I have never made any secret of my fondness for black tea. If I were marooned on a desert island (probably won’t happen) and could only take one type of tea with me, it would be black – no question about it. But for the longest time I found that after a long bout of drinking black tea I had to offset it with another bout of green tea. And then back to black – and so on.

Then something changed. You can read the whole thrilling story in my most recent paean to black tea, located here. But to summarize, I went through a very long period, I’m not sure how long, but many, many months, when I drank only black tea and didn’t really have any desire to switch over to green tea. I theorized that this might have something to do with the onset of cold weather, such as it is here in this balmy corner of Arizona.

There may actually be something to that, now that you mention it. It’s the Memorial Day weekend as I write this and though we haven’t hit the hundred degree mark yet that milestone will be here soon. Coincidentally – or perhaps not – after a long stint in which I drank absolutely nothing at all besides black tea, I was finally motivated to break out a batch of green and give it a whirl.

Which was just fine, thank you very much. But I still find myself drinking much more black tea than green, regardless of how balmy the weather. Even though I’m drinking green tea as I write this I’m feeling a distinct craving for black. I’m wondering if perhaps my tastes might have changed for good. Or is this just the tail end of one more tea-drinking phase that’s about to give way to the next one? I guess only time will tell.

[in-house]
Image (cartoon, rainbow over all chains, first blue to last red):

See more of William I. Lengeman’s articles here.

© Online Stores, Inc., and The English Tea Store Blog, 2009-2014. Unauthorized use and/or duplication of this material without express and written permission from this article’s author and/or the blog’s owner is strictly prohibited. Excerpts and links may be used, provided that full and clear credit is given to Online Stores, Inc., and The English Tea Store Blog with appropriate and specific direction to the original content.